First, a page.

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Vol. 95. Issue 4.
Pages 379-381 (July - August 2019)
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Vol. 95. Issue 4.
Pages 379-381 (July - August 2019)
Open Access
Is a lack of sleep harming adolescents’ academic prospects in the digital age?
A falta de sono está prejudicando as perspectivas acadêmicas dos adolescentes na era digital?
Katarzyna Kostyrka-Allchorne
King's College London, Institute of Psychiatry, Psychology and Neuroscience, Department of Child & Adolescent Psychiatry, London, United Kingdom
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J Pediatr (Rio J). 2019;95:410-810.1016/j.jped.2018.03.006
Mireia Adelantado-Renau, Ana Diez-Fernandez, Maria Reyes Beltran-Valls, Alberto Soriano-Maldonado, Diego Moliner-Urdiales
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Adolescence is a crucial developmental period for defining one's academic expectations. In many countries, teenagers must prepare for and take national exams. Those outcomes may have a long-lasting impact on the future career path and, ultimately, on the quality of adult life. Understanding the correlates of individual differences in adolescent academic performance may have important implications for behavioral interventions and educational policy; thus, it is an area ripe for research. One construct that has been consistently linked to school performance is executive function,1 a set of high-order cognitive skills required for goal-directed behavior.2 However, there is also evidence that certain lifestyle factors may contribute to academic outcomes in adolescence. In addition to dietary habits and physical activity,3 sleep and Internet use have been proposed as two important predictors of adolescent academic performance.4,5 The study of Adelantado-Renau et al.6 in this issue of Jornal de Pediatria provides an interesting contribution to this literature.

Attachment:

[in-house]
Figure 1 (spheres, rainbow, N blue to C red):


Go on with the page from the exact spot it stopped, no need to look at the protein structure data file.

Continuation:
Many previous studies provide evidence that both insufficient sleep duration and poor sleep quality are significantly associated with lower academic achievement in childhood and adolescence. However, the findings from a meta-analysis, which pooled the data from 33 correlational studies, showed that the associations between sleep variables and academic outcomes were modest (sleep quality, r=0.096; and sleep duration, r=0.069). Moreover, participants’ age and gender moderated these associations; larger effect sizes were found in studies where participants were younger and male.4

Further indirect support for the proposal that sleep may be crucial to academic achievement comes from experimental studies that measured the effects of sleep duration manipulation on adolescents’ subsequent cognitive performance. In most of this research, sleep was acutely restricted to substantially less time than the amount that is perceived as sufficient for this age group (i.e. 8h).7 Experimental sleep deprivation resulted in inattention8 and poorer performance on cognitive function tests.9,10 Conversely, a gradual increase in sleep duration of chronically sleep-deprived adolescents resulted in improvements in cognitive performance.11 Considering the robust associations between executive functions and academic achievement,1 this experimental research corroborates the correlational findings regarding the positive associations between poor sleep and lower educational attainment.